Robert Siodmak’s The Killers (1946)—or more properly, Ernest Hemingway’s The Killers—wasn’t the first time the German director had made a film noir, since it was preceded by Phantom Lady (1944), Christmas Holiday (1944), The Suspect (1944), The Strange Affair of Uncle Harry (1945) and The Spiral Staircase (1945). Even his 1943 Son of Dracula might be termed a “noir” horror picture. But somehow—maybe it’s the clout of the Hemingway name—The Killers seems to be the one for which Siodmak is remembered. That’s a little ironic, since, apart from the opening sequence, there’s not much of Hemingway’s short story clinging to Siodmak’s film, seeing as how the beginning pretty much is the short story. The rest is the screenplay offering backstory. What does cling to the movie, however, is the shadowy sense of both hopeless dread and resignation that marks the genre. That Siodmak should have proved to be a master of noir is hardly surprising, since his roots were in German Expressionist film—a form not unlike noir in many respects.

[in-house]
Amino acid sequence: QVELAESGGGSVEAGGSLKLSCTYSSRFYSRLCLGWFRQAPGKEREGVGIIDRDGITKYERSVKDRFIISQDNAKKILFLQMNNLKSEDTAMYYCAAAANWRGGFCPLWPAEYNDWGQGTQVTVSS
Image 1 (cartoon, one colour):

The Killers is a complex work that begins with the gangland murder—for reasons that are unclear at the time—of a character known as the Swede (Burt Lancaster in his film debut). The remainder of the film follows the investigation into his death by insurance investigator Jim Reardon (Edmond O’Brien) and police lieutenant Sam Lubinsky (Sam Levene). Each piece of their investigation involves a flashback that finally pieces together the story of what led to the Swede’s murder. Complex as its structure is, the film does manage to be coherent. But it’s really a triumph of atmosphere and style over content when all is said and done. It’s less the story that compels the viewer than the feel of it all—and the grim sense of how everything leads to the inevitable ending we saw at the beginning of the film.